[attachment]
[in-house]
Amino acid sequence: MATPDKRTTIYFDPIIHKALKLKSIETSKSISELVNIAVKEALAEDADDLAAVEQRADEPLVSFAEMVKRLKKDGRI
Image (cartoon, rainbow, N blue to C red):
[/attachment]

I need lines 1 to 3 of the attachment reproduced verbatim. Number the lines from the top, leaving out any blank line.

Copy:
[in-house]
Amino acid sequence: MATPDKRTTIYFDPIIHKALKLKSIETSKSISELVNIAVKEALAEDADDLAAVEQRADEPLVSFAEMVKRLKKDGRI
Image (cartoon, rainbow, N blue to C red):